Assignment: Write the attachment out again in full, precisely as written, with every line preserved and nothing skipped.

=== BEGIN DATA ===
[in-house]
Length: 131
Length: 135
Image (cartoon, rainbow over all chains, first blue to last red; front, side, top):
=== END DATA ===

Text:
[in-house]
Length: 131
Length: 135
Image (cartoon, rainbow over all chains, first blue to last red; front, side, top):